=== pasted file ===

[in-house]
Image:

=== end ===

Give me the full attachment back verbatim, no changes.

[in-house]
Image: